On the plus side the hazy light did reduce the contrast and meant that there were less severe shadows to contend with.


Ahead of us we could see clouds of dust rising up from the trees. This, combined with the smell, told us that there was a large herd of buffalo nearby. Almost certainly the ones we had seen around dusk yesterday.

We soon found them all around us and it didn't take long to make a rough calculation that our guess at a herd of around 600 head was a long way short. There had to be at least 1000 animals in this herd.








We eventually made our way through the buffalo. Dennis kept assuring us that with this many buffalo there were bound to be lions nearby and – sure enough – we saw a couple of lions sleeping under bushes some distance from the road.

Like the leopard sighting the previous afternoon, although we could see them they didn't present much of an opportunity for photographs.


Our safari in Chobe was a bit like that on many occasions. We had some terrific sightings that didn't lend themselves to photography.

I always find this extremely frustrating. I see no point in taking photos just to prove I've seen a particular animal when I know that I'll never be able to turn those photos into anything worth looking at.


Viewing so many of my sightings though a camera lens is one of the curses of carrying a camera. It's a kind of tunnel vision that undoubtedly prevents me from seeing the full landscape, because I am so focussed on a particular part of it.

A friend who travels with me regularly never brings camera; he just enjoys the sightings without the hassles of trying to capture a decent image. If other vehicles partially block his view he can live with it whereas it really irritates me.

If we're looking for game he'll almost always spot something first, simply because he is looking for game whilst I'm looking for a photographic opportunity. You'd think after all these years I'd have learned.


From that perspective although this safari provided a lot of frustrating moments but there were also several occasions when I knew trying to get a decent photo would be a waste of time so I just sat back and enjoyed the spectacle. It was actually much more relaxing.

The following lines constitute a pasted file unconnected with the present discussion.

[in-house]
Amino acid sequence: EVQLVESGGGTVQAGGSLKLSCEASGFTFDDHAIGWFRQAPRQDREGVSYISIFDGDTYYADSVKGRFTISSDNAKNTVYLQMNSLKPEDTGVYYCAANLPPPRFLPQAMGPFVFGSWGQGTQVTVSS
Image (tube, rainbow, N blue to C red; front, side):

I have to admit as well that although I was frustrated, my travelling companions were really excited just to see the animals.


Our morning drive provided a wide variety of sightings.

As well as the ubiquitous elephants and buffalo we saw a terrific variety of bird life: Fish Eagles,






Carmine Bee Eaters,








Blue Waxbills,




Open billed Storks




as well as various plovers and/or lapwings and beautiful young Tawny Eagle






In fact I've never seen so many Fish Eagles. On one occasion we'd just settled in to watch a pair of them in a tree overhead when a flurry of wings signalled the start of a mating session. Something I'd never witnessed before with Fish Eagles.










I'm not a huge fan of baboons, but every once in a while even I have to admit they can look cute




not as cute as this baby zebra though




With so much of the animal activity in Chobe centred along the river it was inevitable that we would be seeing other game vehicles and when there was a significant sighting the cars appeared from all directions. Despite that, there was only one when it felt a little crowded and overall I was impressed with the way that all the licenced guides/vehicles stuck to the roads and followed the rules; resisting the temptation to drive off road to get closer to the animals.


Unfortunately the same could not be said for a number of self-drivers from South Africa. Where we would sit on the track and wait for lions to move out from their cover, these guys had no hesitation driving off road and nosing their vehicles into the bushes in an effort to make the lions move.


Back in camp, brunch was a real feast.




A couple of hours in the shade gave everyone time to catch up on their diaries.

I took the chance to take a few pictures of our little camp.




We had a private mobile camp, organised for us by Safari & Guide Services in Kasane and were camped at Bogo site No.3.




The tents were not luxurious but did have comfortable beds and private ablution facilities.

The only additional thing we would have appreciated was perhaps a larger shaded area to lounge around in. As it was we had to sit around the dining table or use our own tents – which were a bit hot and airless during the day.

Small quibbles though – overall the service was excellent; attentive but not obtrusive.


While we ate lunch the elephants were constantly moving through the trees behind us, making they way towards the river for their evening bath and drink.




On one occasion a loud trumpeting caused us to look up and there was a large male giraffe standing just behind the tents, watching us. By the time I'd got my camera he had disappeared. Not just moved away, but literally vanished.